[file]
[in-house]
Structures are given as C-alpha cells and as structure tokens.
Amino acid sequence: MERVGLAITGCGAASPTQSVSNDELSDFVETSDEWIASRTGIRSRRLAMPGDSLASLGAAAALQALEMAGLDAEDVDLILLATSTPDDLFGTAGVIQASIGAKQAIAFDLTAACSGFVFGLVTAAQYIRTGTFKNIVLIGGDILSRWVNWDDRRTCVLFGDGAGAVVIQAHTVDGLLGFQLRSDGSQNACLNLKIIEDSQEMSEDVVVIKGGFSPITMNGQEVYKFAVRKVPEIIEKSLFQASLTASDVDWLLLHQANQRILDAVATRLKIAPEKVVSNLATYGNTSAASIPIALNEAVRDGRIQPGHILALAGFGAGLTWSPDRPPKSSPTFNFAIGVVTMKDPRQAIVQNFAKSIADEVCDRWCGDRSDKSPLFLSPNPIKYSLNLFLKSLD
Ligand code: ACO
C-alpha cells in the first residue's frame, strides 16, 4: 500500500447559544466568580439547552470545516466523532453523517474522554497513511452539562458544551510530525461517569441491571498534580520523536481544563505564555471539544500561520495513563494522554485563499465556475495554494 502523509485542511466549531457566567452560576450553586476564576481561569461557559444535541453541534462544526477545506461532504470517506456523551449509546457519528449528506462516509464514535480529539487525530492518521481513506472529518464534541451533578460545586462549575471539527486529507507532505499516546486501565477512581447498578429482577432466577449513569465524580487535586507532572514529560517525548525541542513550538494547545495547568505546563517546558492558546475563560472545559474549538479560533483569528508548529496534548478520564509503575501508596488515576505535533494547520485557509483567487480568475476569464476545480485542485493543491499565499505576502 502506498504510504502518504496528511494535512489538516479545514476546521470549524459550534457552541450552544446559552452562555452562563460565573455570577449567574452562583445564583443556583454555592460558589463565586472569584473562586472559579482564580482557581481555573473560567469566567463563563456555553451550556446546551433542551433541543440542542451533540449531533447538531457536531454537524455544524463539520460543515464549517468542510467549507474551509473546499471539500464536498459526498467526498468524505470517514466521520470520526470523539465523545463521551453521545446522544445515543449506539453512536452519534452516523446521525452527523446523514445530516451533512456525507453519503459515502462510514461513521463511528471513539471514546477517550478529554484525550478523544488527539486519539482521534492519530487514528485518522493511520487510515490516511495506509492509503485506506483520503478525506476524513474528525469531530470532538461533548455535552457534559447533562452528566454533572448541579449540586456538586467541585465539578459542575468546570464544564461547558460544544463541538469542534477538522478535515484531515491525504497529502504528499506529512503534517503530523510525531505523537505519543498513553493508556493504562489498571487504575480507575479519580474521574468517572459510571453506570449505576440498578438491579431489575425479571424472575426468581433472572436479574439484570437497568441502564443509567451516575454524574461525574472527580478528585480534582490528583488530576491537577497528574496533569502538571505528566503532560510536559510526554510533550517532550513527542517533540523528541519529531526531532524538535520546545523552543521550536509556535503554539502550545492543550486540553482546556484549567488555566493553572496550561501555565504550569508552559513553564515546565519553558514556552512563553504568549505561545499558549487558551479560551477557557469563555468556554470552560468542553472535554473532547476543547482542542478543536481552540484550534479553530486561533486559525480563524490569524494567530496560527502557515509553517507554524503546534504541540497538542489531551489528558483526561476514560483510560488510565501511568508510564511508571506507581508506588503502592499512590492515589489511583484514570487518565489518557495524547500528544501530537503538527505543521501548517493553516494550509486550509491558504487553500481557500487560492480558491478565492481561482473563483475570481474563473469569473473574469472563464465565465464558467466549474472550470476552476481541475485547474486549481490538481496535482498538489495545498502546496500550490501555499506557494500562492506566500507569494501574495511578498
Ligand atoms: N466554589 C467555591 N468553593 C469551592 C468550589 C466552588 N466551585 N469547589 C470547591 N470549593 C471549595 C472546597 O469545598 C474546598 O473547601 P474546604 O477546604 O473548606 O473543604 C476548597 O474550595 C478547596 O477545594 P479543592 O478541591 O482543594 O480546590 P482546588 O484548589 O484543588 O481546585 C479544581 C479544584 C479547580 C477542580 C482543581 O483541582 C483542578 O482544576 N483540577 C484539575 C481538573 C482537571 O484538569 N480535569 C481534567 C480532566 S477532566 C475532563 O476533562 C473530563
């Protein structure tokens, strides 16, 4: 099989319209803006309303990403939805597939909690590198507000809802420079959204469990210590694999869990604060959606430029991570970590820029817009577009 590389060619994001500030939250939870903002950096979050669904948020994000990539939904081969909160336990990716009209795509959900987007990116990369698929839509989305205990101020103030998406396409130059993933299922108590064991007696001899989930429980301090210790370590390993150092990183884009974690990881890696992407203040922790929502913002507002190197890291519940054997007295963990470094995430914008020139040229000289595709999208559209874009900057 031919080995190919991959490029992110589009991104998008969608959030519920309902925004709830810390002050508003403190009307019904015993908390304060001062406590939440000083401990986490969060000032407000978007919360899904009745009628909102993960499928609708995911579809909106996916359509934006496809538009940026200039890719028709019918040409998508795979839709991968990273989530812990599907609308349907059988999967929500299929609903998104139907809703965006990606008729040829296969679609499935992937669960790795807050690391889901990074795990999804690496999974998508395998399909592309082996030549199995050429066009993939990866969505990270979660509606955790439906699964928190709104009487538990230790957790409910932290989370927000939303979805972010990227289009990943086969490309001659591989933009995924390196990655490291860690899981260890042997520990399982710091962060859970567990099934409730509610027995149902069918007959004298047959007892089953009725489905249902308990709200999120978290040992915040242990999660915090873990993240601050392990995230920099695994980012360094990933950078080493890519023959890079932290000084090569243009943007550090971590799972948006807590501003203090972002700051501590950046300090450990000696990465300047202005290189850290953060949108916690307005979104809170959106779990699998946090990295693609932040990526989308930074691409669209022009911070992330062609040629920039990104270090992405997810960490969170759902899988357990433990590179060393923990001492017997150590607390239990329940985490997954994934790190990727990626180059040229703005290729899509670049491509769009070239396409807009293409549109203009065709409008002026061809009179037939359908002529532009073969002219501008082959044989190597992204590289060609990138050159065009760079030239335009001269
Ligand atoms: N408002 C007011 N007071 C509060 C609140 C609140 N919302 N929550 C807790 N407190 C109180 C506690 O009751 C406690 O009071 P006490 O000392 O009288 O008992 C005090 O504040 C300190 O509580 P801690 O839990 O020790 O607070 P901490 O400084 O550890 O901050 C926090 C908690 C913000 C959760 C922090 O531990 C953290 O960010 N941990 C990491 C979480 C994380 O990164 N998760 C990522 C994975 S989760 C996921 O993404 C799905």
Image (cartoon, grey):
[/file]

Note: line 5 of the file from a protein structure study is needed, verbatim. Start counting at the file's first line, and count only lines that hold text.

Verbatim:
C-alpha cells in the first residue's frame, strides 16, 4: 500500500447559544466568580439547552470545516466523532453523517474522554497513511452539562458544551510530525461517569441491571498534580520523536481544563505564555471539544500561520495513563494522554485563499465556475495554494 502523509485542511466549531457566567452560576450553586476564576481561569461557559444535541453541534462544526477545506461532504470517506456523551449509546457519528449528506462516509464514535480529539487525530492518521481513506472529518464534541451533578460545586462549575471539527486529507507532505499516546486501565477512581447498578429482577432466577449513569465524580487535586507532572514529560517525548525541542513550538494547545495547568505546563517546558492558546475563560472545559474549538479560533483569528508548529496534548478520564509503575501508596488515576505535533494547520485557509483567487480568475476569464476545480485542485493543491499565499505576502 502506498504510504502518504496528511494535512489538516479545514476546521470549524459550534457552541450552544446559552452562555452562563460565573455570577449567574452562583445564583443556583454555592460558589463565586472569584473562586472559579482564580482557581481555573473560567469566567463563563456555553451550556446546551433542551433541543440542542451533540449531533447538531457536531454537524455544524463539520460543515464549517468542510467549507474551509473546499471539500464536498459526498467526498468524505470517514466521520470520526470523539465523545463521551453521545446522544445515543449506539453512536452519534452516523446521525452527523446523514445530516451533512456525507453519503459515502462510514461513521463511528471513539471514546477517550478529554484525550478523544488527539486519539482521534492519530487514528485518522493511520487510515490516511495506509492509503485506506483520503478525506476524513474528525469531530470532538461533548455535552457534559447533562452528566454533572448541579449540586456538586467541585465539578459542575468546570464544564461547558460544544463541538469542534477538522478535515484531515491525504497529502504528499506529512503534517503530523510525531505523537505519543498513553493508556493504562489498571487504575480507575479519580474521574468517572459510571453506570449505576440498578438491579431489575425479571424472575426468581433472572436479574439484570437497568441502564443509567451516575454524574461525574472527580478528585480534582490528583488530576491537577497528574496533569502538571505528566503532560510536559510526554510533550517532550513527542517533540523528541519529531526531532524538535520546545523552543521550536509556535503554539502550545492543550486540553482546556484549567488555566493553572496550561501555565504550569508552559513553564515546565519553558514556552512563553504568549505561545499558549487558551479560551477557557469563555468556554470552560468542553472535554473532547476543547482542542478543536481552540484550534479553530486561533486559525480563524490569524494567530496560527502557515509553517507554524503546534504541540497538542489531551489528558483526561476514560483510560488510565501511568508510564511508571506507581508506588503502592499512590492515589489511583484514570487518565489518557495524547500528544501530537503538527505543521501548517493553516494550509486550509491558504487553500481557500487560492480558491478565492481561482473563483475570481474563473469569473473574469472563464465565465464558467466549474472550470476552476481541475485547474486549481490538481496535482498538489495545498502546496500550490501555499506557494500562492506566500507569494501574495511578498